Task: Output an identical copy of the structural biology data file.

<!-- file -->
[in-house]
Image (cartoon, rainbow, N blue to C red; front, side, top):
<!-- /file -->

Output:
[in-house]
Image (cartoon, rainbow, N blue to C red; front, side, top):